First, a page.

Hamwells e-Shower rains down water and energy savings
In the move toward sustainable homes, the progress of showers has been more of a trickle. Ten minutes in a traditional shower can use up to 100 l (22 gal) of water. The Hamwells e-Shower, however, promises high pressure and volume, while saving up to 90 percent on water and 80 percent on energy.
Hamwells was founded only this year, with the aim of building a shower that could make significant savings on water and energy, while still providing the comfort of a traditional shower. The startup says that it found shower heat recovery systems to be inefficient and wasteful of water, low-flow showers to waste water and recycling showers to require expensive maintenance.
In addition to saving water and energy, the firm wanted its shower to be "cool," easy-to-use, hygienic and self-cleaning. The key to achieving this was creating a design that would reuse water, filtering it as it went.
As a result, the e-Shower is said to use each drop of water an average of seven times. Hamwells says it is at least twice as economical as its closest competitor, the Nebia, and has been chosen by Heijmans N.V. to help make its Heijmans ONE prefab home energy-neutral. The firm also claims that it "offers at least double the comfort" of low-flow showers (however that is calculated).
The e-Shower has two settings. The "Classic shower" setting uses and delivers water at a rate of 7 l (1.5 gal) per minute. When the "Refresh Cycles" setting is selected, however, it is able to deliver 15 l (3.3 gal) of water per minute while using only 1.5 l (0.3 gal) per minute. To do this, a stopper is lowered into the run-off reservoir and sucks water back around the shower's system to be filtered, purified and reused.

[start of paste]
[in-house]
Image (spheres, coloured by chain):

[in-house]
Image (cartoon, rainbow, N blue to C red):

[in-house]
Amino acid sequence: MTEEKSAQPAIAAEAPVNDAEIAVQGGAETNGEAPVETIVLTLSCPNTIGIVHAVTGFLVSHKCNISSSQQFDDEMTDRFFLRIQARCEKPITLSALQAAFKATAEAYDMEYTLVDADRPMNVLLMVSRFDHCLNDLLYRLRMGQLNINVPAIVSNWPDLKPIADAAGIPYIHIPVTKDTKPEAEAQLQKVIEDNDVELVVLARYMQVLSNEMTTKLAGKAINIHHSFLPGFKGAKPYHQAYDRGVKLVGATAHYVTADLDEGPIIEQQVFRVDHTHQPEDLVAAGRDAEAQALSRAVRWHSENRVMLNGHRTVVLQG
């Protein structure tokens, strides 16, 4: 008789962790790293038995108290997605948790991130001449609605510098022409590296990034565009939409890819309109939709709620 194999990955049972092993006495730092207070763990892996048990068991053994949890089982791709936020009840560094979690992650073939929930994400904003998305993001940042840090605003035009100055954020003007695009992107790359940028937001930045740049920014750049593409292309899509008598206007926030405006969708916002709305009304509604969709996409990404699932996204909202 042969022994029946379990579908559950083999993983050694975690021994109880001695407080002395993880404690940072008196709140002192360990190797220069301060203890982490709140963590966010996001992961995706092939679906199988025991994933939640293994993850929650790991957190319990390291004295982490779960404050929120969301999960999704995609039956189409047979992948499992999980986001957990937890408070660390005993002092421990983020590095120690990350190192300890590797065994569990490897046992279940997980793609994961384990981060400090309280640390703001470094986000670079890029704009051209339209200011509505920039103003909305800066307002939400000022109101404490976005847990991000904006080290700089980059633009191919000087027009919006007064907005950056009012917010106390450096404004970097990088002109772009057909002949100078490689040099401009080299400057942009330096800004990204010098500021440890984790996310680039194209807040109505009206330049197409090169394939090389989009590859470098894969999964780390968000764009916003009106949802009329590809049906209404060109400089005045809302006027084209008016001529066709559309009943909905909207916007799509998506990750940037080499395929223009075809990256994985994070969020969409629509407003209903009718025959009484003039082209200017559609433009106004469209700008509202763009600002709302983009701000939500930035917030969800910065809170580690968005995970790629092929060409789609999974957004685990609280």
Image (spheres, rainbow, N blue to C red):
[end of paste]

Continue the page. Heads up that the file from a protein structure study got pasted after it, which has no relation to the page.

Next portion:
As is seemingly the case with every new product today, the shower is Wi-Fi connected. This does provide a few useful functions, though. Users are able to stream music into the shower, water usage and savings can be tracked via an accompanying iOS/Android app and it's possible for remote monitoring and maintenance to be carried out.
Water usage and savings are gamified, with the e-Shower showing a glowing green tree when more water is saved. Hamwells says that, in the future, the shower will also be able to communicate with the heating system of a user's home.
Among the other features of the shower, Hamwells promises easy installation (it can be submerged into the floor and built into the wall, positioned against a wall or in a corner). It also promises minimal maintenance requirements, without a need for filter replacements.
The e-Shower was launched at TechCrunch Disrupt London earlier this month. It will cost €2,950 (US$3,200) and will begin shipping worldwide from July next year.
The video below provides an overview of the Hamwells e-Shower.